The prime needs were refurbishing the wire wheels and salvaging as many of the original parts as possible. The front rim was too rusted to save.
The men traveled twice to Butler to shop at Motorcycle Warehouse, a specialty shop that carries Harley-Davidson parts dating back to 1909. They also got a new dash kit from Tom’s Chop Shop in Woodvale.
“I did a lot of welding, and we worked for over three weeks just on the fenders and the storage box,” Oswalt said.
The motorcycle is equipped with a 45-cubic-inch motor that produces 25 horsepower.
But all of the men agreed that the motor had more than enough power to keep up with traffic, even today.
“It was all in the gearbox,” Beas said.
Kiser agreed, saying that the old bike could “keep up with any Harley-Davidson on the road.”
Kiser still has a deep affection for Harleys and rides a contemporary model complete with a sidecar.
Other refurbishing jobs required putty work, turn signals, powder coating on several pieces, a different seat and new cables. The only major mechanical change made to the bike was a switch from the original suicide clutch to one that operates more like an automobile’s assembly.
The gearshift is located on the tank, and the original clutch assembly remains.
“The clutch was changed to allow Herb to shift easier,” Oswalt said.
When it came to choosing a color for his motorcycle, Beas saw a snazzy pickup truck near his home and knew immediately that maroon was the color he wanted.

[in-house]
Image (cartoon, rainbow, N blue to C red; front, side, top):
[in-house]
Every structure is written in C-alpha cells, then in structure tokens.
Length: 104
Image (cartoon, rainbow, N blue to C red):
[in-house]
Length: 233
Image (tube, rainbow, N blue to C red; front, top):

“We painted the bulk of the body maroon and used pewter for the trim,” Beas said.
Luckily, in all the years the motorcycle was in storage, Oswalt made sure the engine’s crankcase was filled with oil.
“An original ‘45’ is a pretty rare engine,” Oswalt said.
Kiser estimates that it would be a one-in-a-thousand chance to find an engine that is in such good condition.
“There are a lot of aftermarket 45-cubic-inch engines, but this is the real deal,” Beas said.
“The ones that do exist are probably hidden away in some barn, garage or basement."
Oswalt said the one thing he learned from tackling the restoration is that he doesn’t ever want to do another.
“We spent a lot of time on the road looking for and buying parts, plus we have countless hours of labor on the Harley,” Oswalt said.
All told, Beas estimates he has $3,000 invested from major parts and another $2,000 for miscellaneous upgrades.
The first year he took the Servi-Car to Thunder in the Valley, it had an immediate impact.
“A man walked up to me and offered me $20,000,” Beas said.
“I could have sold it a thousand times since then.”
Beas isn’t the only enthusiast to bring a Servi-Car to Thunder in the Valley.
“I see three or four each year,” Beas said. “I always park in the same spot on Main Street,” he said. “When Thunder rolls into town, I go downtown every day for the fun.”
Beas, Kiser and Oswalt have a passion for Thunder and just enjoy taking their motorcycles downtown, looking at all the other bikes and sitting in the park people-watching.
Kiser said the only other Servi-Car he can remember seeing in Johnstown other than a police motorcycle was used by Sanitary Dairy for promotions and advertising.
Tom Lavis covers Features for the Tribune-Democrat. Follow him on Twitter.com/Tom LavisTD.